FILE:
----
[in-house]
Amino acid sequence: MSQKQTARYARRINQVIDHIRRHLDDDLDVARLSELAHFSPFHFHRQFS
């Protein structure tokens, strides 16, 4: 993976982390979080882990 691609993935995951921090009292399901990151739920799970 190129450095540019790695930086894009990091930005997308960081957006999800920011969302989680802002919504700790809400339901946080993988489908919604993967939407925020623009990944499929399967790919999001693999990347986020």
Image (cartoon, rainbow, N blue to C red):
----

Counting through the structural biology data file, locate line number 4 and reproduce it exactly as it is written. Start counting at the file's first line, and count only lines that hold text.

Image (cartoon, rainbow, N blue to C red):